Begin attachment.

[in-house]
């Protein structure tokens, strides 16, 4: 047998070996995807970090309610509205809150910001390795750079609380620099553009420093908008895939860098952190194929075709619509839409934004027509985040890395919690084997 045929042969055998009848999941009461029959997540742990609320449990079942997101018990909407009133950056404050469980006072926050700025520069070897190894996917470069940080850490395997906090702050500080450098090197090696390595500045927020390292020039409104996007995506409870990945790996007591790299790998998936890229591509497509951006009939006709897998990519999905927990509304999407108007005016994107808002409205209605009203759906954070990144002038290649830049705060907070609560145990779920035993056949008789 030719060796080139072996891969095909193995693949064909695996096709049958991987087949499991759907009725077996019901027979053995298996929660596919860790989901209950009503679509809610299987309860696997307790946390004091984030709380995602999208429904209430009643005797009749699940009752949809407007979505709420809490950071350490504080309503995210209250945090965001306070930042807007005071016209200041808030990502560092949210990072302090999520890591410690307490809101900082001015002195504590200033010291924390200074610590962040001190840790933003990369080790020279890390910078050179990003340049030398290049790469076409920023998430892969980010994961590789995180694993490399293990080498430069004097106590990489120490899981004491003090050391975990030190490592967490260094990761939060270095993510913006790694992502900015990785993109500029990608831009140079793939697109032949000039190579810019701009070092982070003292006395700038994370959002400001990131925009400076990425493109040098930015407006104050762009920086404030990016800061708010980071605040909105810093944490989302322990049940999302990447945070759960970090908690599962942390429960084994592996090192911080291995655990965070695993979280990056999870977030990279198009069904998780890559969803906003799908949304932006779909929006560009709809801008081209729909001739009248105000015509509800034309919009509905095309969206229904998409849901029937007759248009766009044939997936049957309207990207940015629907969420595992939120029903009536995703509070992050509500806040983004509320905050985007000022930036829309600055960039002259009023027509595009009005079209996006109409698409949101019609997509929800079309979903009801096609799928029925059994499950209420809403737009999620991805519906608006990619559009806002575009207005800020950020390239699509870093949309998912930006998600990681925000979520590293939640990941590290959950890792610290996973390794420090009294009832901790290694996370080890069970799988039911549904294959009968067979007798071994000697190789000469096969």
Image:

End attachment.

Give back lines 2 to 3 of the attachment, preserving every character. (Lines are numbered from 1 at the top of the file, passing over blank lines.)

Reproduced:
């Protein structure tokens, strides 16, 4: 047998070996995807970090309610509205809150910001390795750079609380620099553009420093908008895939860098952190194929075709619509839409934004027509985040890395919690084997 045929042969055998009848999941009461029959997540742990609320449990079942997101018990909407009133950056404050469980006072926050700025520069070897190894996917470069940080850490395997906090702050500080450098090197090696390595500045927020390292020039409104996007995506409870990945790996007591790299790998998936890229591509497509951006009939006709897998990519999905927990509304999407108007005016994107808002409205209605009203759906954070990144002038290649830049705060907070609560145990779920035993056949008789 030719060796080139072996891969095909193995693949064909695996096709049958991987087949499991759907009725077996019901027979053995298996929660596919860790989901209950009503679509809610299987309860696997307790946390004091984030709380995602999208429904209430009643005797009749699940009752949809407007979505709420809490950071350490504080309503995210209250945090965001306070930042807007005071016209200041808030990502560092949210990072302090999520890591410690307490809101900082001015002195504590200033010291924390200074610590962040001190840790933003990369080790020279890390910078050179990003340049030398290049790469076409920023998430892969980010994961590789995180694993490399293990080498430069004097106590990489120490899981004491003090050391975990030190490592967490260094990761939060270095993510913006790694992502900015990785993109500029990608831009140079793939697109032949000039190579810019701009070092982070003292006395700038994370959002400001990131925009400076990425493109040098930015407006104050762009920086404030990016800061708010980071605040909105810093944490989302322990049940999302990447945070759960970090908690599962942390429960084994592996090192911080291995655990965070695993979280990056999870977030990279198009069904998780890559969803906003799908949304932006779909929006560009709809801008081209729909001739009248105000015509509800034309919009509905095309969206229904998409849901029937007759248009766009044939997936049957309207990207940015629907969420595992939120029903009536995703509070992050509500806040983004509320905050985007000022930036829309600055960039002259009023027509595009009005079209996006109409698409949101019609997509929800079309979903009801096609799928029925059994499950209420809403737009999620991805519906608006990619559009806002575009207005800020950020390239699509870093949309998912930006998600990681925000979520590293939640990941590290959950890792610290996973390794420090009294009832901790290694996370080890069970799988039911549904294959009968067979007798071994000697190789000469096969």
Image: